Invest like Warren Buffett: 3 FTSE 100 dividend stocks I’d buy now

Invest like Warren Buffett: 3 FTSE 100 dividend stocks I’d buy {{0|now}}

The Oracle (NYSE:) of Omaha has struck his first deal since the stock market crash in March. Warren Buffett’s firm Berkshire Hathaway (NYSE:) is spending around $10bn to acquire US firm Dominion Energy, which owns gas pipelines and storage facilities.

Dominion will be added to Mr Buffett’s existing holdings in the energy sector, which include UK regional electricity network operator Northern Powergrid.

At the Berkshire Hathaway AGM in May, Mr Buffett described his energy businesses as “a great way to stay real rich”. What he means is that these are reliable long-term assets that produce stable cash flows — ideal for dividend investors.

What should UK investors buy to emulate Mr Buffett’s strategy? I’ve found three dividend stocks that I think fit the bill.

A solid 5.3% dividend yield
One attraction of Dominion’s gas pipelines and storage facilities is that they’ll be needed regardless of gas prices. You aren’t betting on commodity prices, which is always risky. In the FTSE 100, I think that National Grid (LSE: LON:) provides a very similar opportunity for investors.

This business runs most of the UK’s gas and electricity transmission network, along with a utility business in the northeastern USA.

Although National Grid has to invest large amounts of capital in its network, its assets provide steady, regulated returns over many years. As you’d expect, this business has proved to be a good income stock.

National Grid’s dividend hasn’t been cut since 1996 and currently provides a yield of 5.3%. After this year’s widespread dividend cuts, not many other companies in the FTSE 100 offer this level of income. I think the shares are a safe buy for income investors.

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Warren Buffett wanted to buy this company
Mr Buffett’s unsuccessful attempt to buy Unilever (LSE: LON:) in 2017 highlighted his interest in this sector. Unilever owns a huge portfolio of everyday brands that are stocked in people’s kitchens and bathrooms all over the world.

Unilever shares are rarely cheap, but this business generates higher returns than National Grid and has an impressive record of long-term growth. So I’d be comfortable paying a little more for these shares.

That’s just as well, as the Unilever share price has bounced back strongly from March’s stock market crash. However, even with the shares trading at around £43, Unilever shares still offer a 3.4% dividend yield. I’d view this as a reasonable income, especially as Unilever’s dividend hasn’t been cut since 1966.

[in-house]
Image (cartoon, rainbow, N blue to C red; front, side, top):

This stock is on my buy list
My final pick is FTSE 100 packaging group DS Smith (LSE: SMDS). Shares in the group have performed poorly this year, but I think this is the kind of stable long-term business Warren Buffett might buy.

DS Smith’s pre-tax profit rose by 5% to £368m during the last year, which ended on 30 April. The current year has had a difficult start due to Covid-19, but I think the company’s focus on consumer goods and internet retail should support medium-term growth.

I’ve owned these shares for a while and see them as a long-term income holding. I’m hoping to be able to buy more while they’re trading under 300p.

DS Smith’s dividend was cancelled last year, but broker forecasts suggest a payout of 14p for 2020/21. This would give a dividend yield of 5%. With the shares trading on just 10 times forecast earnings, I think now is a good time to buy.

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The post Invest like Warren Buffett: 3 FTSE 100 dividend stocks I’d buy now appeared first on The Motley Fool UK.

Roland Head owns shares of DS Smith. The Motley Fool UK owns shares of and has recommended Berkshire Hathaway (B shares) and Unilever. The Motley Fool UK has recommended DS Smith and recommends the following options: short September 2020 $200 calls on Berkshire Hathaway (B shares), short January 2021 $200 puts on Berkshire Hathaway (B shares), and long January 2021 $200 calls on Berkshire Hathaway (B shares). Views expressed on the companies mentioned in this article are those of the writer and therefore may differ from the official recommendations we make in our subscription services such as Share Advisor, Hidden Winners and Pro. Here at The Motley Fool we believe that considering a diverse range of insights makes us better investors.

Motley Fool UK 2020

First published on The Motley Fool



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